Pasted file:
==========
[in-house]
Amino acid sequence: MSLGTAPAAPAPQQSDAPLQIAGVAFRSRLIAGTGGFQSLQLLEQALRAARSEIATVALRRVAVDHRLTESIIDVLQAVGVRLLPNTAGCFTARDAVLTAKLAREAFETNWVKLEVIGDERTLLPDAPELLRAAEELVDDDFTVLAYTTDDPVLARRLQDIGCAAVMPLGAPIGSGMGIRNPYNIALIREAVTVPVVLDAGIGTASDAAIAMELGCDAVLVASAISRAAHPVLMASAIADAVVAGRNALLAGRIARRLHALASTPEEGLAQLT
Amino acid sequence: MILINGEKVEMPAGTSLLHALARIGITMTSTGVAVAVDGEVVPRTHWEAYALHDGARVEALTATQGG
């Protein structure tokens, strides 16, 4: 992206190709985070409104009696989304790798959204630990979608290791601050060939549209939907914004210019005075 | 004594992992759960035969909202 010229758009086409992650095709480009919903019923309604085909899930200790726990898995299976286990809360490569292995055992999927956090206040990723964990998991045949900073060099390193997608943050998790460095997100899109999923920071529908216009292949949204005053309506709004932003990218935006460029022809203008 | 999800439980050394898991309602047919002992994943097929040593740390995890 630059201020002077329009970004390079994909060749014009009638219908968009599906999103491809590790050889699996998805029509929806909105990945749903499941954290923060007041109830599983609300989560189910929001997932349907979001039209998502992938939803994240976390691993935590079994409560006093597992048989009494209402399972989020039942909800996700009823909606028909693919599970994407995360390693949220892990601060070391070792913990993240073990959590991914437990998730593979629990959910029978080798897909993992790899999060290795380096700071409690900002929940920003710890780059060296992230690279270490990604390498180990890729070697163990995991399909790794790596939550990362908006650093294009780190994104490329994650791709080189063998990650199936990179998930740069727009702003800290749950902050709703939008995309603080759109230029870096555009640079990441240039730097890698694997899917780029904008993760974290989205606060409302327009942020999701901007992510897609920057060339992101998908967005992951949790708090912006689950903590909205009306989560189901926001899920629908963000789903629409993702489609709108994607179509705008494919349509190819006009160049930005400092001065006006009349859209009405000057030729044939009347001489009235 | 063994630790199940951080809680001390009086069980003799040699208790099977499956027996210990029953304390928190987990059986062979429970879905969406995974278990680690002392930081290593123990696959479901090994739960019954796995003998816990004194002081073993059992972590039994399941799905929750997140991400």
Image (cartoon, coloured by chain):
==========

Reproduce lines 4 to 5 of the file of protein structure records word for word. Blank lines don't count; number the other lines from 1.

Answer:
């Protein structure tokens, strides 16, 4: 992206190709985070409104009696989304790798959204630990979608290791601050060939549209939907914004210019005075 | 004594992992759960035969909202 010229758009086409992650095709480009919903019923309604085909899930200790726990898995299976286990809360490569292995055992999927956090206040990723964990998991045949900073060099390193997608943050998790460095997100899109999923920071529908216009292949949204005053309506709004932003990218935006460029022809203008 | 999800439980050394898991309602047919002992994943097929040593740390995890 630059201020002077329009970004390079994909060749014009009638219908968009599906999103491809590790050889699996998805029509929806909105990945749903499941954290923060007041109830599983609300989560189910929001997932349907979001039209998502992938939803994240976390691993935590079994409560006093597992048989009494209402399972989020039942909800996700009823909606028909693919599970994407995360390693949220892990601060070391070792913990993240073990959590991914437990998730593979629990959910029978080798897909993992790899999060290795380096700071409690900002929940920003710890780059060296992230690279270490990604390498180990890729070697163990995991399909790794790596939550990362908006650093294009780190994104490329994650791709080189063998990650199936990179998930740069727009702003800290749950902050709703939008995309603080759109230029870096555009640079990441240039730097890698694997899917780029904008993760974290989205606060409302327009942020999701901007992510897609920057060339992101998908967005992951949790708090912006689950903590909205009306989560189901926001899920629908963000789903629409993702489609709108994607179509705008494919349509190819006009160049930005400092001065006006009349859209009405000057030729044939009347001489009235 | 063994630790199940951080809680001390009086069980003799040699208790099977499956027996210990029953304390928190987990059986062979429970879905969406995974278990680690002392930081290593123990696959479901090994739960019954796995003998816990004194002081073993059992972590039994399941799905929750997140991400």
Image (cartoon, coloured by chain):